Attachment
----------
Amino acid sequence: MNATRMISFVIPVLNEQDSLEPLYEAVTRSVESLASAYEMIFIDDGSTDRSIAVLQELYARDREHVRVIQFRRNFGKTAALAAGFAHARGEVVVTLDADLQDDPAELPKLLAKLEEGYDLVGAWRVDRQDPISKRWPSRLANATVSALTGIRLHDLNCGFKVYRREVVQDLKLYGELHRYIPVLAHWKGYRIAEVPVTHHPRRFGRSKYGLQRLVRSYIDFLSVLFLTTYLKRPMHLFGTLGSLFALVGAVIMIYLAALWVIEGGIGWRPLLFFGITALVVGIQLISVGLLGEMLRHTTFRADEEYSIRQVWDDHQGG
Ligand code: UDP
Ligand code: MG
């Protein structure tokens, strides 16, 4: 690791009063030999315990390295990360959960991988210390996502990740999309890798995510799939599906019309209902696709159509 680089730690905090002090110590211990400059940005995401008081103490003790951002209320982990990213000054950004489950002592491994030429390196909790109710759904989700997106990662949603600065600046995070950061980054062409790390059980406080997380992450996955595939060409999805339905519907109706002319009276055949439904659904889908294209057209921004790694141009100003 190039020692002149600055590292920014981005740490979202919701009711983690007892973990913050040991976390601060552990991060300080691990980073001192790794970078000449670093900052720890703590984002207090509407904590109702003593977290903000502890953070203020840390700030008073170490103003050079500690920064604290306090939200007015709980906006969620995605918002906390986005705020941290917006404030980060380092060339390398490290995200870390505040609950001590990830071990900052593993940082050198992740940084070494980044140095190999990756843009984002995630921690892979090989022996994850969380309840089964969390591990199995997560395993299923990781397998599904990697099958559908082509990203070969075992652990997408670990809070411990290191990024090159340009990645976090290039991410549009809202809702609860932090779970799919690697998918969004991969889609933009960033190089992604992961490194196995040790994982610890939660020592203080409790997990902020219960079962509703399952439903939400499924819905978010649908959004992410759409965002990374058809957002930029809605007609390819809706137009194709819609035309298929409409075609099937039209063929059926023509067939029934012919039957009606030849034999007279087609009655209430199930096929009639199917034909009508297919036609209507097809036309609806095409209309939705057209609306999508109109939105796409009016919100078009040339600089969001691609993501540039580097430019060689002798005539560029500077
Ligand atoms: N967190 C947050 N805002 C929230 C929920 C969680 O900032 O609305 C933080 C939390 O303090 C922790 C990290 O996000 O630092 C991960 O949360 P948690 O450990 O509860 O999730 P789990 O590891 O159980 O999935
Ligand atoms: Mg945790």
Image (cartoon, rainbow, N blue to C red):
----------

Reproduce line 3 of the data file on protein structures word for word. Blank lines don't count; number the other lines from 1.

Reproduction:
Ligand code: MG